How to Choose The Right Waterproof Rain Pants For Your Hike

the north faces antora hiking pants for rain

A pair of pants that are fully waterproof is a great investment to your kit and will keep you dry for hours, or even days on end. Their main purpose is to help you go further and can make a really big difference in your enjoyment.

We’ve reviewed products in this guide to the best waterproof rain pants that offer some of the most high-end features out there all the way through to extremely budget friendly options that pack a lot in for their required price. Regardless of whether this is your first pair of rain pants or you’re looking for a higher end replacement as you advance, or simply want to update your wardrobe this season. We’ve tested out the top options on the market right now to bring you a whole range fit for every purpose and to help make your purchasing decision easier.

Editor’s note: This article is part of our buyers guide to waterproof rain pants. See other articles in this series: 

Looking for other waterproof gear? Check out our buyers guides on waterproof hiking shoes and waterproof rain jackets

There are a huge variety of different rain pants and trousers on the market. Some of them are more waterproof than others. Generally, the more traditional hiking or backpacking trousers will come as a kind of soft-shell pant.

These are more breathable and lightweight, and this is where you’ll see the sort of finish you’re most used to seeing in the outdoors with all kinds of modifications available like convertible and roll up (more on that below).

These types of pants can provide excellent weather proofing and moisture wicking, but they are not intended for extreme of heavy rain, as whilst they can withstand showers, they don’t have a full DWR finish (more on that below).

When it comes to climbing, these are the kinds of pants that are most likely seen too, as they provide a better functionality and movement than harder shell, fully waterproof layers. Though, that said, some manufacturers are trying to strike a balance between a soft-shell approach that meets fully rain proof, which create an excellent alternative for backpacking and longer-term wear.

When it comes to mountaineering and winter sports, as well as very wet hiking, fully waterproof pants come into their element. These are more of a hard shell and are intended to be fully waterproof and come with a DWR finish, with 2–3-layer fabric constructions.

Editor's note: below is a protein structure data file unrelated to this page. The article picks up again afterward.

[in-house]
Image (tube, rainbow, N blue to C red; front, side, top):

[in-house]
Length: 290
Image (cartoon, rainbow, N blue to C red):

Some high-end brands, such as Arc’teryx make a point with their shell pants of creating a garment that can be used in all conditions, providing excellent protection for alpinism and high mountain environments, through to lower lying, rain heavy hikes. In fact, you’ll notice that they use the term AR a lot on their products, which means ‘All Rounder’.

Whilst a fully waterproof pant may seem like something that’d be bulky or restrictive, they actually get a good balance between the great properties of a more soft-shell pant and combine them with a hard-wearing finish to create something that can be worn for a whole range of activities and aren’t just for heavy rain alone. They can replace a soft-shell pant in winter or wetter conditions and worn within a layering system can be robustly warm. 

Marmot Minimalist Waterproof trouser

Hiking Pant Materials

Hiking pants and waterproof rain pants are usually made from either nylon or polyester, there are of course variations to this, but even in our line-up, the majority fit this bill. Most of these also have a slight stretch to them to improve comfort and movement, especially helpful in mountain environments where you can expect to have increased leg stretch.

This is typically elastine. This added comfort can make a real difference as waterproof pants can feel a little rigid. We found the Rab Downpour Eco Pant and The North Face Antora Hiking Pants to be some of the stretchiest in our reviews. With Showers Pass Transit probably being the least stretchy. The stretch of your waterproof pants is really going to be personal preference.

There are numerous pants out there that offer lighter rain protection and will be a more soft-shell style fabric, which is perfect for longer treks or extreme mountain conditions, but these are never fully waterproof and do not offer the same protection as a fully waterproof rain pant.

These are more intended for light showers, so if you know you are likely going to be hiking in heavy rain, or often chances of rain, opting for a waterproof pant will be an excellent addition to your kit, that you can even keep in your pack and put on when needed.

Built-In Belts and Waist Fasteners

Waist band adjustability can make a really big difference to getting a pair of hiking pants that truly feel like they’re made for you. A built-in belt is essentially a minimal belt adjuster which is usually made from a webbing like material.

However, a design that is becoming more popular and perhaps lower maintenance is the drawstring fastener, which offers exceptional adjustment to marginal levels and is helpful if you find yourself wearing waterproof pants over various thicknesses of other pant layers.